Generic drugs: A bargain or sticker shock?

Generic drugs: A bargain or sticker shock?
January 05 01:00 2016

Generic drugs, normally a bargain alternative to name-brand pharmaceuticals, are providing some sticker shock of their own.

Prices of generic drugs rose more steeply than inflation for 22 percent of the top-selling generics on the market, according to a recent report by the Department of Health and Human Services.

The review examined the top 200 generic drugs, as ranked by Medicaid reimbursement each year between 2005 and 2014. A total of 869 drugs were in the top 200 list at least once during the 10 years.

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The report did not identify drugs by name or provide individual prices, but the top-selling generics treat a wide range of conditions from asthma to diabetes.

The Generic Pharmaceutical Association, the trade group that represents many of the nation’s generic drugmakers, said its members are subject to cost and supply fluctuations in materials. Even so, it said, generics usually sell for a fraction of the price of name brands, saving Americans $1.68 trillion during the past decade. Generic drugs now make up 88 percent of total prescriptions filled in the U.S. but account for only 28 percent of pharmaceutical spending, the group said.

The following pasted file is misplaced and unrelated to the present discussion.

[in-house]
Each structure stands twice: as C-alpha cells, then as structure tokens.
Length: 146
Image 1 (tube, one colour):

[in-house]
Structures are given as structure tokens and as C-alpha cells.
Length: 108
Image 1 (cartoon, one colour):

“It’s hard to imagine another sector that can claim nearly 90 percent of a market while delivering it at nearly a quarter of the total cost,” Chip Davis, the association’s president and CEO, said in a statement.

Congress has been pushing to halt the rise of generic-drug prices. In November, it passed a law requiring generic drugmakers to pay rebates if prices rise faster than an inflation-adjusted baseline known as the Average Manufacturer Price.

The labels on generic drugs

The law will require generic-drug manufacturers to sign rebate agreements with the federal government as a condition for state Medicaid coverage of the manufacturer’s drugs. Rebates will be paid quarterly and shared between the federal government and the states. The rebates for generic drugs will take effect next year. Brand-name drugmakers are already required to pay such rebates to Medicaid.

The generic trade association fought that legislation, saying it would constrict generic-drug development and offer Medicaid beneficiaries less access to cheaper generic drugs.

Read full story at Chicago Tribune
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